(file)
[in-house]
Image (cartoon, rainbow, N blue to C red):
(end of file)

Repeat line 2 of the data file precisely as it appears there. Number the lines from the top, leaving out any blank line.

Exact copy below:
Image (cartoon, rainbow, N blue to C red):